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NEW YORK (Reuters Health) - A common class of antibiotics was linked to a higher risk of so-called retinal detachment -- when the light-sensitive tissue in the eye separates from gel that fills the eyeball, in a new Canadian study.
People treated by ophthalmologists for the emergency condition were five times more likely to be taking drugs known as fluoroquinolones, which include ciprofloxacin (marketed under names including Zoxan, Proquin and Cipro) and levofloxacin (Levaquin, Cravit), than those who didn't have retinal detachment.
"We know that these drugs are toxic to connective tissue and cartilage," said Mahyar Etminan, the study's lead author, noting past studies linking fluoroquinolones with damage to Achilles and shoulder tendons.
"We wanted to see whether this damage also may translate in the eye, because there's lots of connective tissue in the eye," Etminan, from the Child and Family Research Institute of British Columbia in Vancouver, told Reuters Health.
Retinal detachment, which starts as the appearance of lines, dots or "floaters" across the eye, can cause permanent blindness in some cases if it's not surgically treated within a few days.
Etminan and his colleagues used data from doctors' treatment records for everyone in British Columbia who saw an ophthalmologist between 2000 and 2007 -- almost one million patients. That included about 4,400 people diagnosed with retinal detachment when they were an average of 61 years old.
Prescription records showed that one out of every 30 patients with retinal detachment was taking a fluoroquinolone at the time, most commonly ciprofloxacin. Most antibiotic users were taking the drugs for respiratory or urinary tract infections.
Among a similar group of patients who visited an ophthalmologist but didn't have retinal detachment, just one in 167 had been recently prescribed the antibiotics.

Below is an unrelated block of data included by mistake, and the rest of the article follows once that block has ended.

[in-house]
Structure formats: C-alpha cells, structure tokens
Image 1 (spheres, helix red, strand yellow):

The researchers couldn't be sure why the drugs were tied to an increased risk of retina problems, but said the most likely explanation is that they damage fibers and connective tissue attaching the retina to the eye's vitreous gel.
There have been "lingering concerns" about the possible effects of fluoroquinolones on the eye for a while, said Dr. Terrence O'Brien, from the Bascom Palmer Eye Institute at the University of Miami Miller School of Medicine.
He told Reuters Health the new study suggests an association between fluoroquinolones and retinal detachment, but doesn't prove that everyone on the drugs will be at extra risk.
For example, it may be that people who are already prone to tendon problems -- such as older patients -- will be the ones who could be affected by certain drugs, said O'Brien, who wasn't involved in the new study.
The extra risk due to the antibiotics was small. Etminan and his colleagues calculated that 2,500 people would need to be taking fluoroquinolones for any reason for one to have retinal detachment.
Another class of antibiotics that includes penicillin wasn't tied to more retina problems, the researchers reported Tuesday in the Journal of the American Medical Association.
Non-drug risks for retinal detachment include a past cataract surgery, being nearsighted or having an eye infection.
Retinal detachment is rare, Etminan concluded, "but because the condition is quite serious, I don't think it would hurt to let someone know... if you notice these flashes of light or floaters, be sure you get it checked out."
O'Brien agreed. "This study should alert both patients and physicians to the possibility of retinal detachment, and any patient developing symptoms or signs of retinal detachment while taking a fluoroquinolone would be urged to seek immediate ophthalmic care," he said.
"It's not something where you'd want to wait or defer seeking attention."
SOURCE: bit.ly/hwxtTL Journal of the American Medical Association, online April 3, 2012.